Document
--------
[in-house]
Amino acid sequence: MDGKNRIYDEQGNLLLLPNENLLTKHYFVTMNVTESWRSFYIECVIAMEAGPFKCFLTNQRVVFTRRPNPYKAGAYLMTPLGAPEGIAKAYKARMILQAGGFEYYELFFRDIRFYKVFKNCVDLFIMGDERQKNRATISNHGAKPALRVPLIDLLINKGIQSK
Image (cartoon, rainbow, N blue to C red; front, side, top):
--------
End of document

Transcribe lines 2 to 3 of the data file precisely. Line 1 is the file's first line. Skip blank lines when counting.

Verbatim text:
Amino acid sequence: MDGKNRIYDEQGNLLLLPNENLLTKHYFVTMNVTESWRSFYIECVIAMEAGPFKCFLTNQRVVFTRRPNPYKAGAYLMTPLGAPEGIAKAYKARMILQAGGFEYYELFFRDIRFYKVFKNCVDLFIMGDERQKNRATISNHGAKPALRVPLIDLLINKGIQSK
Image (cartoon, rainbow, N blue to C red; front, side, top):